HELSINKI: Prices dropped in Finland last year for the first time in 60 years, the statistic’s institute said Thursday, stirring debate about deflation taking hold in the eurozone country.
The consumer price index fell 0.2 percent from a year earlier, weighed down by weak energy prices and, to a lesser extent, by food and telecoms.
It’s the first time since 1955 that prices taken over the whole year have retreated. Finland has been in recession since 2012, a situation blamed on its falling competitiveness, ageing population and the economic problems of its major trading partners, Russia and the European Union.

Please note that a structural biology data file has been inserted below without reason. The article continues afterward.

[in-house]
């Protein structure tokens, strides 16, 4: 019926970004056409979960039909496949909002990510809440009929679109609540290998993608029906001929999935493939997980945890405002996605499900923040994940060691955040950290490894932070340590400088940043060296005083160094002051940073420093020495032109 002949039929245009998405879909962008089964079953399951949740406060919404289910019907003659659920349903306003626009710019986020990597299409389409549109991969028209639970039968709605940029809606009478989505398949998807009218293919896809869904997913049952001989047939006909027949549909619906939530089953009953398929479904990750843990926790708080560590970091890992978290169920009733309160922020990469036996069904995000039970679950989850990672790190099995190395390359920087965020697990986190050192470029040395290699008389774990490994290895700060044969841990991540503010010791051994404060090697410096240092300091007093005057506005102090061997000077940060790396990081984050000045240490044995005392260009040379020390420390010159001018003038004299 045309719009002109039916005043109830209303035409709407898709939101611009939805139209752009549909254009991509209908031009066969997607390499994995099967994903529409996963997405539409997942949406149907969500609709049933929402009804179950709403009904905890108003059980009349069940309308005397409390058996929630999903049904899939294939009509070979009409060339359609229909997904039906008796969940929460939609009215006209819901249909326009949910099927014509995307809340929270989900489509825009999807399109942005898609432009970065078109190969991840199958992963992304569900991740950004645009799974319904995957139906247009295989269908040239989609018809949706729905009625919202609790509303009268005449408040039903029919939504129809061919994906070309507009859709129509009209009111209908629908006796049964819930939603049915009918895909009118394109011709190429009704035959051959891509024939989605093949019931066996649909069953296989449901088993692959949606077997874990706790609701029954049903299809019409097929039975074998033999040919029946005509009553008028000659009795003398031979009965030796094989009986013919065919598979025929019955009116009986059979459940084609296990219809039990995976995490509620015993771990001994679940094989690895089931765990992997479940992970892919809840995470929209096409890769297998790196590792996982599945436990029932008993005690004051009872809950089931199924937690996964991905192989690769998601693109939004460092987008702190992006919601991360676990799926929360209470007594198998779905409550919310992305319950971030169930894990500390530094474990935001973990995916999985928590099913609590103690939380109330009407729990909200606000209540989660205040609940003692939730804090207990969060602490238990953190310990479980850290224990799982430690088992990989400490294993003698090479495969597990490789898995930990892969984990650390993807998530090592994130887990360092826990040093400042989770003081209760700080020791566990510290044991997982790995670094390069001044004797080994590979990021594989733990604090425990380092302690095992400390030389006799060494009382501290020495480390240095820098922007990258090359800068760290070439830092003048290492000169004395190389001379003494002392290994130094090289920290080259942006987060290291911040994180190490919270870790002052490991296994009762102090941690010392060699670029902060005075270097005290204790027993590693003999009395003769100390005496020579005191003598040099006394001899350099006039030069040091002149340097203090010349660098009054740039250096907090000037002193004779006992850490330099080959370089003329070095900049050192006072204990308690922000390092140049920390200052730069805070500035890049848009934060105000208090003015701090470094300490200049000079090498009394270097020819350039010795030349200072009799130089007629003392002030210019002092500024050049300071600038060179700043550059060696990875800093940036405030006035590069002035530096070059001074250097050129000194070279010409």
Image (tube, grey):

Last year saw a pro-austerity, centre-right government take power led by former businessman Juha Sipila who campaigned on the need to recover competititiveness and boost entrepreneurship.
But measures so far, including a key goal to lower labour costs, have failed to trigger growth. After three years of recession, the Bank of Finland has said it expects the economy to contract again by 0.1 percent in 2015. Economists differed in their reading of the new data.